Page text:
There’s this famous story – to the people who know it, though considerably less so to the people who don’t – about a dog food manufacturer trying to figure out why a new dog food they’d been marketing was such a miserable failure.
“I just don’t get it. We have a great label. Beautiful packaging. A tremendous ad campaign. Why isn’t this dog food selling?”
And the answer is…
“The dogs don’t like it.”
This story came to mind when I recently read about Netflix which, for those who don’t know about it – but also those who do – is a place where, for a monthly fee, you can download (or get mailed to you) a movie or TV series, to watch whenever you want to in the comfort of our yown home.
(That explanation may be partially wrong, because I have no hands-on knowledge of Netflix, making the information I received second-hand, and I was only listening with one ear, because, since I am never going to avail myself of Netflix, I don’t really care. But I believe it’s something like that.)
Someone loves Breaking Bad but they missed the first season, because it sounded depressing and they did not know it would be depressing and popular – and, apparently, well made. So they sign up for Netflix and they catch up on the episodes they missed, sometimes, I am told, binge-viewing multiple episodes at once. (Not literally at once – you’d have to have a number of televisions to do that, and if they were playing simultaneously, you would be unable to hear what anyone was saying. Sequentially is what I meant. And without interruption. (Though that other way may be coming.)
For me, Netflix is an advanced technology. I know how TiVo works – no, I know how to work TiVo; I have no idea how TiVo works – or at least I knew a couple of years ago when I arranged to TiVo all the Have Gun, Will Travel episodes off the Westerns Channel, though, as mentioned elsewhere, I have never watched any of them. I have explained why this is before, that explanation being too indefensible to repeat. I just prefer watching things when they are actually on. So sue me.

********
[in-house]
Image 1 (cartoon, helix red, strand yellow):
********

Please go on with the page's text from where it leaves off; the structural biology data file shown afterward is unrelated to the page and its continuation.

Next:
“Binge-viewing” of TV series has become increasingly popular. I have nothing to say about the process, though I wonder if – and how – “binge-viewing” affects, if at all, the basic episode-watching experience.
In the past, you had to wait a week to see the next thrill-packed adventure of a cancer-ravaged teacher who sells drugs, or months between seasons. Now, you can self-create a personalized schedule, every viewer becoming essentially their own programmer. No more watching shows when the network requires you to. You can see late-night shows in the morning, and afternoon shows at night. (Though, when you look outside, it is still going to be dark.)
I wonder if “binge-viewing” of TV series is to “regular” TV watching as “Books-On- Tape” is to reading – a new way of assimilating material which in some manner alters one’s visceral or comprehensional relationship to the content. Maybe if you engage in “binge-viewing”, you can tell me how it’s different.
Not that I’d ever try it. Because it would involve watching shows when they’re not actually on. (I did once receive a boxed set of The West Wing and watched a few episodes one after the other, but I gave up at some point, because, it just didn’t feel, I don’t know, exciting. Dr, M has a similar response. I would buy her a video of her favorite movie and she’d never watch it, preferring, instead, the enjoyment derived from discovering that the movie she loves is scheduled to air that night on regular TV.)
Okay, so “binge-viewing” is happening, and there is a (relatively) simple and (relatively) inexpensive way to access the programming. Now, aware of this trend, and wishing to boost their subscription orders via an advancing step in their evolution, Netflix, I read recently, has produced an original series of its own, available only on Netflix, and intended, with its first season’s 13-episodes complete, for the Netflix audience’s much-practiced “binge-viewing” pleasure.
It was reported that Netflix has committed a hundred million dollars over two seasons to a political drama called House of Cards, starring Kevin Spacey. For me, however, there is an essential element missing from their strategy.
There is a difference, I shall argue, between making available a previously broadcast binge-viewable series and originating a binge-viewable series of your own. The former series, before becoming available on Netflix, had developed a “buzz “ through, as it’s called in television, “water cooler chatter”, drawing curious latecomers to see – and catch up on – what they had missed. Commercial networks scrupulously monitor their debuting series, ready to yank them if they fail to appeal.
House of Cards, with an investment of a whopping hundred million dollars, is appearing on Netflix minus the inoculating “water cooler chatter” and the networks’ cut-their-losses scrupulosity.
The question is,
What if the dogs don’t like it?